I enjoy highlighting unusual genealogical resources – records other than vital records, passenger lists, naturalizations, and the federal census. Recently I entered some of my “usual suspect” names into Ancestry and discovered a resource previously uknown to me: immigrant bank records. The historical background about these records is described on Ancestry.com as follows:
In the port cities on the east coast of the United States in the late 19th and early 20th century, many charitable organizations aided immigrants arriving from Europe. The Hebrew Immigrant Aid Society (HIAS) was one of those organizations. There were “ethnic” or “immigrant” banks in many port cities, usually conveniently located in the Jewish neighborhoods where newly-arrived immigrants tended to settle. These banks were commercial enterprises, started mainly by established German Jews, as a place where recent immigrants could save money and arrange to purchase steamship tickets to bring their families to the United States. HIAS preserved the original records of some immigrant banks formerly operating in Philadelphia, Pennsylvania: Blitzstein, Rosenbaum and Lipshutz/Peoples Banks.
Today, the record books of the Blitzstein Bank, Rosenbaum Bank, and Lipshutz Bank are housed at the Philadelphia Jewish Archives Center (PJAC). They offer unique kinds of information, including the name and U.S. address of the person who paid for the tickets, port of entry – usually, but not always the port of Philadelphia – and intended final destination (again, not necessarily Philadelphia).
The person I found in the index was Zofia Mach, but not much info is provided from the index alone. It simply provides her name as the Passenger, as well as the Account Open Date (24 March 1929), Purchaser’s Name (Carl Mach), the Bank (Lipshutz/Peoples Bank) and the Order Number. To obtain an actual copy of the record, instructions are provided on the JewishGen site with a separate page for each of the 3 banks that are indexed. For the Lipshutz/Peoples Bank, a copy of the record can be obtained from the Philadelphia Jewish Archives (see below for more info). I knew from my research that Carl and Sophie Mach lived in Philadelphia, so it was likely the correct family. I was curious enough about what other information could be obtained from these bank records to send $9 to find out. Here is a copy of the record I received:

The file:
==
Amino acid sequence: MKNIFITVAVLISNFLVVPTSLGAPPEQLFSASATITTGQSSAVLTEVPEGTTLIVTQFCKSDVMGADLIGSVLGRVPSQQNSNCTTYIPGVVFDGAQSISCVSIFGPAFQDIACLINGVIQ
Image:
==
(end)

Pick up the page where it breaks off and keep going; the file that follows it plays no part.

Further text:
I already knew Carl’s address and relationship to Sophia/Zofia. Normally, one would expect that Zofia’s passenger arrival record would be easy to find without this record as a resource. However, in this case, Zofia’s record is indexed incorrectly in Ancestry.com’s database: she is listed as Sofia Wach although her name in the passenger list itself is Sofie Mach. Because of the mis-indexing, I used the ship name and date on this bank record to find her arrival record and may not have found it without the extra info. (Although the typewritten info shows departure from Hamburg to Philadelphia, the ship and date noted in handwriting at the bottom traveled from Copenhagen to New York.)
Two other interesting tidbits came from this record. First, it lists Sophia’s address in Żyrardów, Poland. Although I could not find it on a modern map of the town, the information could still come in handy for research in Poland. Second, it’s the first time I’ve seen the cost of a ticket to America on any of the records I’ve found. A second class ticket cost $143. In the 1920′s, that was a significant sum of money – note that her husband had this bank account for five years before she made the journey.
The records of the three Philadelphia banks are also available on microfilm through the LDS Family History Library., and you can search the records via the JewishGen site if you do not have access to Ancestry.com. See the detailed pages at JewishGen on their US databases page under Pennsylvania. Be aware that the family I researched was not Jewish! One did not have to be Jewish to have an account at these banks.
In total there are approximately 138,000 records among the three banks ranging from 1890 through 1949. If you had relatives living in or near Philadelphia, it may be worth a quick search – especially if you have had difficulty locating their passenger arrival record.
Although the sites indicate that the records are held by the Philadelphia Jewish Archives Center, they wrote in their response that they are moving to the Temple University-Urban Archives Center “in late Spring”. So if you are planning to request a record, you may want to call either archive first prior to writing.
In the case of Sophia Mach, this was actually her second journey to America! Since Mach is not one of my family surnames in the sidebar, I’ll write more later this week on why they are a subject of my research. Are they related to my family? More to come…